Before you get started, you need to know exactly what kind of hire you’re looking for. Think about people you already know who would be perfect for the job. While you may not have the ability or budget to hire them, look them up on LinkedIn and see their career path. What kind of roles did this person previously have? What kind of experience did he or she have before their current position? With this information in hand, now you can search for people who are in or have held similar positions, and will likely share qualities of your ideal candidate. Once you have a pool of potential applicants, reach out to them through InMail or a shared connection to see if they’re interested in your job.

Ask for help, and be helpful

Like all social media platforms, if you don’t engage with your connections, you’ll see little value generated from your time using it. However, with LinkedIn, the type of engagement you participate in can be extremely valuable for your business. All it requires is for you to ask for help or feedback. For example, if you have several logo designs for a new product and are unsure of which is best, share some of them with your network to get feedback. If you’re curious about a new productivity tool and wonder if it’s worth investing in, ask your network if anyone’s used it before. Oftentimes in the business world, people are happy to help you if you just speak up. However, don’t forget to return the favor. If you become the person who seems to only be taking advice without giving any in return, it can have a negative effect on your reputation.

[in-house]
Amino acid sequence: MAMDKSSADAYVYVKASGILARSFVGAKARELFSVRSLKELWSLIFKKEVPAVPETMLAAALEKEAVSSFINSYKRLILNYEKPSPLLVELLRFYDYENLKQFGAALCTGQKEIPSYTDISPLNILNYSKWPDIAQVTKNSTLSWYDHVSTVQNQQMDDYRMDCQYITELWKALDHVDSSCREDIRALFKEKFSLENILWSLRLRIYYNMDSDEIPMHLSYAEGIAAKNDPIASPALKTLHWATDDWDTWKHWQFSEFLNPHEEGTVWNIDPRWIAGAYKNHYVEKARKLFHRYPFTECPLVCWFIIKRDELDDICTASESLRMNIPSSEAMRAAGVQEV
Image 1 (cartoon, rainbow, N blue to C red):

If you’d like more ideas on how social media or technology can create value for your business, don’t hesitate to get in touch. Our IT solutions can help you overcome challenges, and create an even more valuable business.

Published with permission from TechAdvisory.org. Source.

Your business can fight ‘rant’ sites

When a person searches for your company on Google or any other search engine and sees a negative review from a ‘rant’ site, it can have significant repercussions to your online reputation. That’s because more people are likely to see something, and even click on it, when a page turns up on the first page of search results. It is important your company acts swiftly to push these negative reviews off the first page of search results. Here is some advice for fighting back against these ‘rant’ sites.

You’ve probably seen websites like Ripoff Report and Complaints Board give upset clients a sounding board to voice their frustrations. These unverified reviews are almost always negative and can damage a company’s online reputation. This is especially true if these reviews show up on the first page of an organization’s search results where it will appear to anyone who uses a search engine to look for information on a company.